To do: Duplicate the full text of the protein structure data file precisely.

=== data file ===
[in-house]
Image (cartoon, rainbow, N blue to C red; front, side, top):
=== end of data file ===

[in-house]
Image (cartoon, rainbow, N blue to C red; front, side, top):